As best illustrated in FIG. 3, the cylindrical lens which is mounted within the windows 30 comprises a cylindrical body portion 70, a peripheral flange 71 and a transition portion 72 disposed therebetween. The cylindrical body portion 70 of the lens 31 is provided with a radius that is approximately equal to the radius of the exterior diameter of the cylindrical housing 15. The peripheral flange 71 is provided with a radius that is approximately equal to the radius of the interior diameter of the cylindrical housing 15. The transition portion 72 is provided with a radius or radii that are in general somewhat smaller than the radii of the cylindrical body 70 and the peripheral flanges 71. However, with reference now also to FIG. 5, it is illustrated that with regard to the vertically oriented transitions 75 of the lens 31, the radii of the vertically oriented transition portions 75 decrease relatively slowly, and almost tangentially, from a value approximately equal to the radius of the exterior of the cylindrical housing 15 to reduce stress concentrations in the lens 31 adjacent its mounting point. The vertical edges of the windows 30 disposed in the housing 15, that is the vertical edges of the upstanding post 78 in the housing 15, are also provided with a shape that is roughly tangential to the exterior shape of the cylindrical housing 15. As best illustrated in FIG. 1, the horizontally extending edges 79 of the windows 30 are provided with edges that extend generally perpendicularly to the cylindrical housing 15, and the horizontal portions 81 of the transitions are provided with more uniform smaller radii. Stress concentrations in the lens 31 are of less concern here since they are farther from the mounting point of the lens. The vertical portions 80 of the peripheral flange 71 are engaged by a metal retaining bracket 90 which is bolted or otherwise suitably secured to the interior of the cylindrical housing 15. The elongate bracket 90 securely clamps the long, relatively flat vertical portions 80 of the lenses 31 between the interior surface of the cylindrical housing 15 and the flanges of the elongate bracket 90 to securely clamp the lens 31 in place. The relatively tough impact resistant nature of the polycarbonate material from which the lens 31 is formed and the stress relieved configuration of the lens structure adjacent the mounting bracket 90 renders the lens substantially impervious to damage from a wide variety of missiles, including for example, small caliber bullets. Preferably a pair of such windows are provided on opposing sides of the cylindrical housing 15. The lenses 31 are manufactured from 3/8 inch LEXAN in a vacuum assisted thermoforming process.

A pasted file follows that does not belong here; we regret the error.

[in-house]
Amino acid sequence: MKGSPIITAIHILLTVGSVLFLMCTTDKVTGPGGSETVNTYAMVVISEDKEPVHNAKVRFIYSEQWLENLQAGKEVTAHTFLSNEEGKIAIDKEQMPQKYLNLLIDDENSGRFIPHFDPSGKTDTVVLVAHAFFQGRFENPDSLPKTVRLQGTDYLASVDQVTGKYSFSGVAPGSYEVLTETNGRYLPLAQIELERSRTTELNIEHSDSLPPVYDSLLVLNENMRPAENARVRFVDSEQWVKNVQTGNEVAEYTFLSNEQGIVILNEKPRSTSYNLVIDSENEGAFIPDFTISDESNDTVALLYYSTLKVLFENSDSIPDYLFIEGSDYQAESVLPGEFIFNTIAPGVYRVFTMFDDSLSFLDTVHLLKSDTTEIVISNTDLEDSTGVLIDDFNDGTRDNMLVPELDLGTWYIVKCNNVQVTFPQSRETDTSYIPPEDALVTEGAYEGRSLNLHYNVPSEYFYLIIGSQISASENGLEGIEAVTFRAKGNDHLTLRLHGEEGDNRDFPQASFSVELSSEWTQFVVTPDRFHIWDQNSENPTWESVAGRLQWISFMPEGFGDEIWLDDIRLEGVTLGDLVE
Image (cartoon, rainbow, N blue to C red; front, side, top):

As best illustrated in FIG. 6, in some embodiments of the invention, the housing 15 may be formed from a length of rectangular steel tubing (1/4 inch thickness or greater) having a relatively flat top plate 20 (approximately 1/3 larger wall thickness) welded to the top thereof with one or more window structures 30 disposed in the sides thereof. The construction of the rectangular bollard illustrated in FIG. 6 can be similar to the construction of the cylindrical bollard heretofore described with the exception that the slipfitter flange 19, not illustrated in FIG. 6, which engages the interior surface of the rectangular housing 15 would have to be provided with a rectangular shape that closely corresponds to the interior shape of the rectangular housing 15. Also, similarly, the lens 31 which is disposed in the sides of the housing 15 is provided with a central body portion 70 that is generally rectangular, rather than cylindrical, in shape and which correspond to the exterior dimensions of the rectangular housing 15. However, with reference now to FIGS. 7-12, it is illustrated that in preferred embodiments of the rectangular bollard of FIG. 6, the slipfitter base may be replaced with a base 100, illustrated in FIG. 7, that includes a bolt ring 101 secured to a mounting surface with anchor bolts 16.